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Old 05-08-2013, 10:55   #37
Brian Lee
Drop those nuts
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Join Date: Jul 2008
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Originally Posted by Retired Squid View Post
..............But I have heard one or two here that seemed to think it was something really special, but am I wondering if I am jaded because of very strong background in small instrument repair, machine shop, electronics, optics and being around guns all my life.
You are already several times more skilled than a Glock certified armorer. An armorer is not - NOT - even close to being comparable to a skilled gunsmith or anyone else with the experience you already have.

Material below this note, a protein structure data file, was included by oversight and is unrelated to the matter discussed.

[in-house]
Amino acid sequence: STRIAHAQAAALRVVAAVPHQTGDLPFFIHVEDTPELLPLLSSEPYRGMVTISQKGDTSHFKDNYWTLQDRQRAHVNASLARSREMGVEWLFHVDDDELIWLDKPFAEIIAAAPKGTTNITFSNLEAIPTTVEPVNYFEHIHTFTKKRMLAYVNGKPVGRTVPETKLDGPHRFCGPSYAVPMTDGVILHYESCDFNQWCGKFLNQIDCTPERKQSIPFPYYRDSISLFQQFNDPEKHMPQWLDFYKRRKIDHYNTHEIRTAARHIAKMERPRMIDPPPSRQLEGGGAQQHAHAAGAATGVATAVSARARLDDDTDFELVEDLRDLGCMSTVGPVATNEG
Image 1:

That's one of the reasons Glocks are such a reasonably priced gun compared to many. They were specifically designed for slap-together-assembly by monkeys, so that they would not require the skills of a gunsmith during assembly or for most (hardly any actually) repairs. I could teach a bright 12 year old in only about an hour, to completely assemble new Glocks in only a few minutes each. It's that easy.

An armorer gets more training than that of course, because they are expected to understand enough about how the mechanism works so that they can do trouble shooting, but it's still very minimal training & VERY quick to get through it, and does not involve anything you could really call gunsmithing (metal cutting & fitting) at all.
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